Thursday, May 21, 2009

Pirate threats to small vessels and a mysterious disappearance

With so much attention being focused on the activities of Somali pirates being committed against commercial shipping targets, it's easy to forget about the most vulnerable victims: small vessels. Fishing boats and recreational boaters are no less immune to attacks, but many of these pirate incidents go unreported.

Offshore fishing vessels make perfect targets for pirates, as they can be easily boarded, often have a crew that numbers over a dozen and their catch can be worth hundreds of thousands of dollars. This means that the commercial firms who use the vessels end up having to decide whether to forgo the safety of the crews - often coming from Third World nations - or pony up the ransoms demanded. Additionally, there is the potential to use captured trawlers and other small vessels as pirate motherships which makes them valuable.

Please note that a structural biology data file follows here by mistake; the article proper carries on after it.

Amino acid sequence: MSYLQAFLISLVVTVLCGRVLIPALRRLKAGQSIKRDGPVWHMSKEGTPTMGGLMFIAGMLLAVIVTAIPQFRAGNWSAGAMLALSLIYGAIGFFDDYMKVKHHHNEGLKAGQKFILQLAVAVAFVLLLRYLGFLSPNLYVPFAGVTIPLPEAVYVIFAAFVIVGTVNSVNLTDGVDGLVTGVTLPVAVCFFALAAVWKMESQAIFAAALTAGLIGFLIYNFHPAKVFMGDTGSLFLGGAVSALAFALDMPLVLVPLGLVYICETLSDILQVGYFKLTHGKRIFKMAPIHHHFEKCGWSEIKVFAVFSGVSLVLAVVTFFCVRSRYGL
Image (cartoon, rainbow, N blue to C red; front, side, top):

But clearly a pirate gang cannot expect to garner a million dollar ransom for a sailboat, right? Well, maybe not a million, but in at least one case it's being reported that $600,000 may have been paid to free a German couple captured in the Gulf of Aden a year ago. If true, this raises the stakes for any bluewater sailor thinking of venturing into the region.

Over at YachtPals, Brad Hampton wrote an article yesterday about the mysterious disappearance of a Japanese boater, Akio Yonago, who left the Seychelles a few weeks ago headed east. He hasn't been since. It is, of course, possible that Yonago's boat sank or was otherwise rendered inoperable, or that he's quietly making his way across the Indian Ocean in some relaxed manner. But the fact that he hasn't been heard from in weeks does raise the possibility he was pirated.

As Hampton points out in his piece, this year yachts have been officially reported to have been attacked in Brazil, Thailand, and near the Seychelles, with two yachters killed by pirates (and a third by French commandos). I've no doubt that the real numbers are far higher, based, in part, by reports I receive from sailors.

This is just a modest reminder that anyone at sea can be a target, a victim. Supertankers, military vessels, container ships, fishing boats, passenger liners or pleasure boats - no one's immune to the threat. And the threat is not limited to just the waters off the Horn of Africa.

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